The current situation of waste management in Germany has technical, economic and legal aspects. Technically and organisationally Germany has reached a high standard in waste management including environmentally sound capacity for almost all kinds of wastes. This is reflected in the evolution of imports and exports esp. in hazardous wastes.
From waste to materials management
John Wante
The waste framework directive forms the legal basis of European waste legislation. The original directive dates from 1975 and was thoroughly revised in 2008. This revision served several purposes. First of all, the revision was part of the process of “better regulation” in which existing environmental legislation is screened on potential simplification without lowering the level of environmental protection. The new waste framework directive integrates three old directives, namely the old waste framework directive, the directive on hazardous waste and the waste oil directive, three pieces of legislation that showed considerable overlaps.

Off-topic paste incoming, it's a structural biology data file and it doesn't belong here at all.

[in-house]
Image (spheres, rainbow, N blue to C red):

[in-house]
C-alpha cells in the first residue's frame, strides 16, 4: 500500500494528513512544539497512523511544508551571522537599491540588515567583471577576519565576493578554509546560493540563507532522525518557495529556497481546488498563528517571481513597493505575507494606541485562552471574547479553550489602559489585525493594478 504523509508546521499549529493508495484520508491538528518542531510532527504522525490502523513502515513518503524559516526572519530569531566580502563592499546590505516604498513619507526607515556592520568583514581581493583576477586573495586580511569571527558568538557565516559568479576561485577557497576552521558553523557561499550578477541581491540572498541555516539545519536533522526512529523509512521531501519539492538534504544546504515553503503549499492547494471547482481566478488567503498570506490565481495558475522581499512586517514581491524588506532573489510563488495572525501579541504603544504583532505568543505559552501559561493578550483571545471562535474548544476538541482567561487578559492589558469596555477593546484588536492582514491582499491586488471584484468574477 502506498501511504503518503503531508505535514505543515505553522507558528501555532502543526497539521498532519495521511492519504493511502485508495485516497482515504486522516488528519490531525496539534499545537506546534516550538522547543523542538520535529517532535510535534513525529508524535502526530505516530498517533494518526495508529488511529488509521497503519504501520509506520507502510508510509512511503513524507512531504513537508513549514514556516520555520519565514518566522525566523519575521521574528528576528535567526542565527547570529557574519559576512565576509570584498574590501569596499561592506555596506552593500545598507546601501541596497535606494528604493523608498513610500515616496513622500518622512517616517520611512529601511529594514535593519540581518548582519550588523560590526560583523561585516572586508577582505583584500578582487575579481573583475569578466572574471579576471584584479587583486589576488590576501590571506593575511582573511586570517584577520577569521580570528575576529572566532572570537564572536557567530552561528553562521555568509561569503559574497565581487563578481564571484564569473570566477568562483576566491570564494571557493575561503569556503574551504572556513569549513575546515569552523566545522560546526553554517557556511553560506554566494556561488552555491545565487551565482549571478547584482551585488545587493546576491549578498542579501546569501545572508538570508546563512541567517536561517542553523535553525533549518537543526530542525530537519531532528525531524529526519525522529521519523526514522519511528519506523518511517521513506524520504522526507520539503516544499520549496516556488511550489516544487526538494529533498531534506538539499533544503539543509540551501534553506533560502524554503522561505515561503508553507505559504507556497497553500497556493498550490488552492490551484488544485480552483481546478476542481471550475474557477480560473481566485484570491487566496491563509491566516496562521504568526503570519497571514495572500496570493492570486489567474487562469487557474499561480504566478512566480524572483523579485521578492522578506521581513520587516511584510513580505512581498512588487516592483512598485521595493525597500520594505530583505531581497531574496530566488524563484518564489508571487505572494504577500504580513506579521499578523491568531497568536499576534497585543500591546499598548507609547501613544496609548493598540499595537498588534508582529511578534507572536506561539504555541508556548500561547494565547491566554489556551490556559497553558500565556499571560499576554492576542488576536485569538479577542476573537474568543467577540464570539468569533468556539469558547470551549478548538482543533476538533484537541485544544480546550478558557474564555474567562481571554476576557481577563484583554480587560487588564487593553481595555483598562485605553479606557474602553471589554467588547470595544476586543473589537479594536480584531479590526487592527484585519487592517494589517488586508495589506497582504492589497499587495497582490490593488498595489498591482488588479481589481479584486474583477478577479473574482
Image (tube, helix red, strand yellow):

Greece confronted with the new Waste Framework Directive
Assoc. Prof. Avraam Karagiannidis, Kyriakos Oikonomou
This study assessed greenhouse gas emissions of different municipal solid waste treatment technologies currently under assessment in the new regional plan for Attica in the frame of addressing the country’s contemporary waste management challenges.
Waste Management in Romania: past and present
Dr.-Ing. Dipl. Elena Cristina Rada, Dr.-Ing. Dipl. Tiberiu Apostol, Dr.-Ing. Dipl. Marco Ragazzi, Dr. Ing. Dipl. Irina Aura Istrate
In Romania, as well as in other countries around the world, the impact of waste on the environment has increased at an alarming rate during the past 20 years. The inappropriate management of this problem has caused soil, subsoil and groundwater contamination, fugitive emissions of methane and toxic gases, with direct impact on the public health.
Waste Producers' Duty of Care under European Community Law
Randy Michael Mott
In a little-noticed case in 2008, the European Court of Justice held that waste producers have a duty to take reasonable precautions to assure proper disposal of their waste under the Waste Framework Directive. The Court, in effect, invalidated the laws of 15 Member States that purport to allow transfer of liability to third-party waste vendors. The same “polluter pays” language as to waste producers was re-enacted in the revised Directive and should be reflected in the latest transposition of the Directive in 2010 to meet the Court's ruling on what is mandatory community law.